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No military purpose for Chinese observatory in Maldives: report

Chinese state media denied Indian reports that there was an ulterior motive for positioning the observatory in the Maldives.



A Chinese marine observatory to be built in the Maldives will have no military purpose, state media said Tuesday,

The Global Times said the aim of the proposed facility in Makunudhoo island, in Haa Dhaalu atoll in the north west, was to “observe the climate and the ocean, and deepen cooperation in marine ecology preservation, prevention of marine disasters and marine scientific research.”

It denied Indian media claims that China had an ulterior motive for positioning the observatory in the Maldives.

“Any cooperation China conducted with South Asian countries is interpreted by the Indian side as besieging India, as India believes South Asia is its backyard,” Hu Zhiyong, a research fellow at the Shanghai Academy of Social Sciences, told the Global Times.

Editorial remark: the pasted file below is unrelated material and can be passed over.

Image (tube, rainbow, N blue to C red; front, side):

The agreement allowing China to build the observatory was among the 12 MUOs signed when President Abdulla Yameen visited Beijing last December.

Mohamed Shakir, the president of Makunudhoo island council, told the Maldives Independent that his council was unaware of any plans for an ocean observatory.

“I also saw this information on social media. It cannot be taken seriously. The island council has not been informed at all on any plans for this,” he said.

The Times of India reported Sunday that the observatory would have civilian and military applications.

It quoted a strategic affairs expert who made the allegation based on reports about the design of a proposed Chinese ocean observatory to be built in the South China Sea.

“The underwater ocean observation center in the South China Sea will be dual purpose, with civilian and military applications. China’s supposed plan to build such a center in the Maldives would effectively open a Chinese maritime front against India,” Brahma Chellaney said.

Makunudhoo is 511 kilometres from India.


The Maldives Independent contacted the foreign ministry for comment but nobody was answering the phone.